KYC stands for Know Your Customer. KYC is a verification process used during transactions to confirm a customer’s identity. This process is done mostly for security and regulatory purposes.
KYC is not exclusive to cryptocurrency transactions. You’ve encountered it if you’ve opened a bank account, signed a cellphone contract, or opened a credit card in the US.
The process has been in place since the implementation of The Patriot Act of 2001. As a byproduct of the 2001 act, it was intended to better national security. It works like this.
Financial institutions work with governmental agencies using data provided by the customer. The data provided is then put into a database that runs the potential risks of doing business with that customer. The databases hold information that would flag customers with negative marks. This process is in place to prevent money laundering, terrorism funding, and other nefarious activities. KYC also helps to address the financial risk of doing business with a customer.
What’s the difference between AML and KYC?
KYC is like the AML (Anti-Money Laundering) process. AML is a regulatory standardization that has been around a little longer than KYC. AML and KYC are very similar. The distinct difference is that KYC verifications aim to identify the risk of doing business with that customer.
What You Need To Complete KYC Verification
Generally speaking, KYC is a requirement that you share a photo of an official government-issued ID, Passport, or Driver’s License. Submission of a photo of yourself is also necessary. The photo is then compared to the ID submitted.
Sometimes part of the verification process is submitting a photo of yourself holding an ID. Some verifications even ask for a photo of the customer holding a piece of paper with a short phrase that is handwritten. The verifier will give you the phrase that is to be written. This phrase will often include your name and the date. This technique helps verify that the person submitting the KYC is not falsifying documents or photos.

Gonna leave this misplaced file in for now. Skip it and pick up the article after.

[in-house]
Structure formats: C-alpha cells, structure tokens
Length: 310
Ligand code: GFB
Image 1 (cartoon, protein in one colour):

Again this is a generalization since every website/app can be different. The videos below are from the crypto exchanges; Celcius and KuCoin’s support websites. These are generally what you can expect a KYC verification process to look like on a typical exchange.
Who Regulates KYC?
KYC, AML, and similar regulatory systems are of national and international origin. This means that there are several bodies to standardize and regulate KYC verifications globally. Every country has its own regulatory body that handles the verification and regulation of AML, KYC, or whatever system they have in place. Some places have multiple governmental bodies or use privatized organizations to handle verifications.
For example, SWIFT is a large organization involved in handling international financial transactions. On its website, SWIFT provides a list of who sets standards, handles the verifications, and regulates KYC.
- US Department of State sanctions lists
- Specially Designated Nationals and Blocked Persons Lists (SDN)
- Financial Action Task Force lists (FATF)
- Transparency Index lists from Transparency International
- State Sponsors of Terrorism list“
How crypto companies are adapting to KYC
Cryptocurrency’s credibility has been a point of contention from the beginning. There are many arguments for and against the security, education, and widespread adoption of crypto. These go for crypto companies, customers, and government agencies alike. Recent media coverage and its global adoption have propelled the growth of crypto, too.
Still, there are lingering issues of security and credibility that hinder the industry’s growth. Investors, consumers, traditional financial institutions, and government agencies alike agree on at least one issue- crypto needs more clarity in regulation.
Crypto companies and organizations are making multiple solutions to the issue of clarity. For example, Shyft Network is a blockchain-based protocol that is working towards crypto compliance. They are building the infrastructure for all crypto customers to get KYC verification.
Shyft addresses this dilemma below: